On 14 January 2016, the CENDARI project was launched in Berlin at the beautiful Berlin-Brandenburg Academy of Sciences and Humanities. CENDARI is a powerful new toolkit for digital historical research, with an emphasis on World War One and medieval culture. The CENDARI project has been coordinated from the Dublin-based Trinity Long Room Hub by Dr Jennifer Edmond, in collaboration with partners in 14 institutions and 8 countries and was funded by the EU 7th Framework Programme for Research. As such the project has strong affiliations with PARTHENOS.
Over the past 4 years a virtual research infrastructure has been developed as a collaboration between historians, cultural heritage institutions and technical experts.
3 Research Tools
CENDARI’s work has resulted in 3 research tools: the Transnational Archival Sources, the Working Spaces, and several Thematic Research Guides. The CENDARI Transnational Archive Directory is a large database of archival descriptions and collections that contains information on more than 1,000 institutions across Europe and the world. The Directory allows historians to view sources in a rarely seen transnational and comparative view, with a focus on the medieval era and the First World War.
The core resources of the CENDARI Working Spaces are a Note-Taking Environment and an advanced search functionality. Historians can access data by pursuing their own search queries through a dynamic user interface. They can analyze data; create and upload their research documents, organise them and draw connections between them. The Note-Taking Environment provides linked panels for transcribing and taking notes on uploaded images or texts. Researchers can organise their work for personal use or collaboration.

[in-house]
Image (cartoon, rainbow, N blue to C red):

CENDARI is a powerful new toolkit for digital historical research, with an emphasis on World War One and medieval culture.
Thematic Research Guides are introductory guides to archival material, structured thematically around either one or many archival collections. The CENDARI Research Guides present primary sources from different geographic areas and countries, in a variety of languages. Also available is the CENDARI White Book of Archives, which outlines their Data Exchange Recommendations.
With the launch of the CENDARI infrastructure, digital history becomes more accessible to a wider audience. It therefore represents a major milestone in digital cultural empowerment.
Highlights of launch event included demonstrations of the new digital infrastructure, expert panel discussions and keynote addresses from leading historians Prof. Maciej Górny on “World War One Research in a Transnational and Digital Age” and Dr Erik Kwakkel on “Something Old, Something New: Medieval Manuscripts in the Digital Age.”
Find out more on www.cendari.eu